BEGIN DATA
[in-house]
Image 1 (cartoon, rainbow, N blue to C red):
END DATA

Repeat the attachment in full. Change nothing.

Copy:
[in-house]
Image 1 (cartoon, rainbow, N blue to C red):